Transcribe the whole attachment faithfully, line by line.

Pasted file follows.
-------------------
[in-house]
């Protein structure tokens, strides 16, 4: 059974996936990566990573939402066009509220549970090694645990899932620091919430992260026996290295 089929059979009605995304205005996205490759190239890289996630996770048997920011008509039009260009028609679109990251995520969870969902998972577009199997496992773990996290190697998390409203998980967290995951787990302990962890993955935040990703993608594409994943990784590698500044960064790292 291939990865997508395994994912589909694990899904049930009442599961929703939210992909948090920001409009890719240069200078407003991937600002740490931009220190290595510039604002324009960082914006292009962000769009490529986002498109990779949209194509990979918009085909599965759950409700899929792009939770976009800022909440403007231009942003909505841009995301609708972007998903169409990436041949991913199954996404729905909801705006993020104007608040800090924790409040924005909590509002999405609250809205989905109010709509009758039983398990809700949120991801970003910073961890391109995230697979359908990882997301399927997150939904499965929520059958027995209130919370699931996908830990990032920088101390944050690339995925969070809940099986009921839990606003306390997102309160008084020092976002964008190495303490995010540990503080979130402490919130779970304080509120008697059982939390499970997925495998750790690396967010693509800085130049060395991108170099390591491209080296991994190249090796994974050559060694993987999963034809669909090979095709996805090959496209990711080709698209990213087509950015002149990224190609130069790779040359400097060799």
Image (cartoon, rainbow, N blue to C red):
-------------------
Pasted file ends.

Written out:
[in-house]
């Protein structure tokens, strides 16, 4: 059974996936990566990573939402066009509220549970090694645990899932620091919430992260026996290295 089929059979009605995304205005996205490759190239890289996630996770048997920011008509039009260009028609679109990251995520969870969902998972577009199997496992773990996290190697998390409203998980967290995951787990302990962890993955935040990703993608594409994943990784590698500044960064790292 291939990865997508395994994912589909694990899904049930009442599961929703939210992909948090920001409009890719240069200078407003991937600002740490931009220190290595510039604002324009960082914006292009962000769009490529986002498109990779949209194509990979918009085909599965759950409700899929792009939770976009800022909440403007231009942003909505841009995301609708972007998903169409990436041949991913199954996404729905909801705006993020104007608040800090924790409040924005909590509002999405609250809205989905109010709509009758039983398990809700949120991801970003910073961890391109995230697979359908990882997301399927997150939904499965929520059958027995209130919370699931996908830990990032920088101390944050690339995925969070809940099986009921839990606003306390997102309160008084020092976002964008190495303490995010540990503080979130402490919130779970304080509120008697059982939390499970997925495998750790690396967010693509800085130049060395991108170099390591491209080296991994190249090796994974050559060694993987999963034809669909090979095709996805090959496209990711080709698209990213087509950015002149990224190609130069790779040359400097060799």
Image (cartoon, rainbow, N blue to C red):